I heard something yesterday that took me back to when, years ago (and before we moved to Iowa), Kevin and I used to take a “Let’s Find Winter” trip every January. We’d go to snowy places and do snowy things and have some good, snowy fun. By far, my favorite of those trips was to Lake Placid, New York. We stayed in an incredible lodge in the Adirondacks, which paid grand homage to the Great Camps of the Gilded Age, and did just about every type of snow activity available, including things like outdoor-on-a-pond ice skating, snowmobiling, snowshoeing, an evening horse-drawn sleigh ride, dog-sledding, and tobogganing.
(No, we didn’t ski. It was so cold that trip that we had ice on the inside of our very, very nice hotel room door in the morning, and the wind chills were so low on the mountain, that they closed it. No Olympic run for Kevin. Me? Heck no. Madonna might say “Papa don’t preach,” but I say “Mama don’t ski.”)
It was all really fun, but one of the most memorable was the tobogganing. If you’re unfamiliar with it, tobogganing is like a mix between sledding and a luge, in that you get on a long sled with more than one person, and shoot down a tube onto a frozen body of water (at least that’s how they had it set up in Lake Placid). Now, the tobogganing people had their set up on one side of the lake, while the dog-sledding people took up residence on the other. It appeared they’d been peacefully sharing space, without incident, for a good long while. While we were waiting in the tobogganing line, we could see the team of 8 or 10 dogs tearing across that frozen tundra (how do they do it?), their driver ‘mushing’ them along, with a sled of passengers attached. Finally, our reverie was broken when the people in front of us were called.
Now this was a large group made up of pretty large people. Most groups were 2-3 people in size, which is what they were encouraging, but this was a group of 5 and they wanted to go all together. The toboggan guy was visibly worried, and tried to talk them out of it, saying that it just wasn’t very safe to have that many on one sled, but he was more concerned about their combined weight and didn’t know how to tactfully address it. Very belligerent, the self-appointed leader of their group took matters into his own hands and ordered the rest onto the sled. They got on and he pushed that sucker off himself.
You might think the weight slowed them down, or that it would cause a problem on the ice, but no. The extra weight caused them to pick up momentum, so that by the time they got to the end of the tube and hit the ice, they were flying.
The toboggan guy, horrified and completely without control, watched helplessly as the dog sled people came around the curve in the lake. Typically, they timed their departures around each other, but when this team of tobogganers took matters into their own hands, all he could do was hope it turned out okay.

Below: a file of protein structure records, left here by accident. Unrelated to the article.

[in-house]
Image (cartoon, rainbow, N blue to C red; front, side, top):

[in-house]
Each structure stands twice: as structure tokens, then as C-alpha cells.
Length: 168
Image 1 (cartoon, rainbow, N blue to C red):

As if in slow motion (but in truth at high speed) the extra weight of all those people shot the toboggan a LOT further across the ice than usual, and directly into the dog sled zone. When the driver of the dogs saw what was happening he tried to veer but it was too late. In a cartoon-like moment of mayhem, dogs and people and equipment crashed together, all spinning out on the ice and/or pitching high into the air. It was a horrific sight to see.
So, what did I hear that made me think of this?
If you’re going to fly like lightning, you’re going to crash like thunder.
Really, this doesn’t just apply to stubborn tobogganers carrying too much weight. It applies to us. At least it does to me. I can’t tell you how many times I’ve decided to take matters into my own hands, and just shoved off, going on ahead of God. Taking off when He doesn’t go fast enough for me, or doesn’t want me to do something the way I want to do it, or is telling me no, when all I want is a big ol’ YES. And, I’m here to tell you that every time – EVERY TIME – I have crashed and burned in grand style, often taking other, innocent people down with me.
Flying like lightning.
Crashing like thunder.
It’s not worth getting ahead of God. It’s not worth the risk to yourself, or others. Fortunately, all those in that icy incident were (incredibly) okay – even the dogs – but they weren’t without injury. No one ever really emerges unscathed from flying ahead.
There’s a lot of credibility to listening to instructions, even if they don’t sound as much fun at the time. Trust me. Or just ask those people. Incidentally, they’d also probably tell you that if you’re part of a group of 5 adults who’ve just put away a huge lunch, to stay away from tobogganing.
Don’t say you haven’t been warned!
“Then he added, “Pay close attention to what you hear. The closer you listen, the more understanding you will be given—and you will receive even more.” Mark 4:24 NLT
“Listen to the words of the wise; apply your heart to my instruction.” Proverbs 22:17 NLT
“Are your ears awake? Listen…” Revelation 3:22 MSG
“but they who wait for the Lord shall renew their strength; they shall mount up with wings like eagles; they shall run and not be weary; they shall walk and not faint.” Isaiah 40:31 ESV